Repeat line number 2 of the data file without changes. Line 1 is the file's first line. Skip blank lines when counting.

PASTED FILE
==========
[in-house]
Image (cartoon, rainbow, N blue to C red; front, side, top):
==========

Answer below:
Image (cartoon, rainbow, N blue to C red; front, side, top):